Which factors affect the success or failure of eradication campaigns against alien species?

PLoS One. 2012;7(10):e48157. doi: 10.1371/journal.pone.0048157. Epub 2012 Oct 26.


Although issues related to the management of invasive alien species are receiving increasing attention, little is known about which factors affect the likelihood of success of management measures. We applied two data mining techniques, classification trees and boosted trees, to identify factors that relate to the success of management campaigns aimed at eradicating invasive alien invertebrates, plants and plant pathogens. We assembled a dataset of 173 different eradication campaigns against 94 species worldwide, about a half of which (50.9%) were successful. Eradications in man-made habitats, greenhouses in particular, were more likely to succeed than those in (semi-)natural habitats. In man-made habitats the probability of success was generally high in Australasia, while in Europe and the Americas it was higher for local infestations that are easier to deal with, and for international campaigns that are likely to profit from cross-border cooperation. In (semi-) natural habitats, eradication campaigns were more likely to succeed for plants introduced as an ornamental and escaped from cultivation prior to invasion. Averaging out all other factors in boosted trees, pathogens, bacteria and viruses were most, and fungi the least likely to be eradicated; for plants and invertebrates the probability was intermediate. Our analysis indicates that initiating the campaign before the extent of infestation reaches the critical threshold, starting to eradicate within the first four years since the problem has been noticed, paying special attention to species introduced by the cultivation pathway, and applying sanitary measures can substantially increase the probability of eradication success. Our investigations also revealed that information on socioeconomic factors, which are often considered to be crucial for eradication success, is rarely available, and thus their relative importance cannot be evaluated. Future campaigns should carefully document socioeconomic factors to enable tests of their importance.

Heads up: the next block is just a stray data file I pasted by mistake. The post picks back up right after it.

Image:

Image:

Publication types

  • Research Support, Non-U.S. Gov't

MeSH terms

  • Australia
  • Ecosystem*
  • Introduced Species*
  • Socioeconomic Factors

Grants and funding

Work on this paper was supported by the European Commission under grant agreement number KBBE-212459, 7th Framework Programme, project PRATIQUE: Enhancement of Pest Risk Analysis Techniques. PP, VJ and JP acknowledge further the support from long-term research development project no. RVO 67985939 (Academy of Sciences of the Czech Republic) and institutional resources of Ministry of Education, Youth and Sports of the Czech Republic. PP acknowledges the support by the Praemium Academiae award from the Academy of Sciences of the Czech Republic and JP from SCIEX (project ALIEN). The funders had no role in study design, data collection and analysis, decision to publish, or preparation of the manuscript.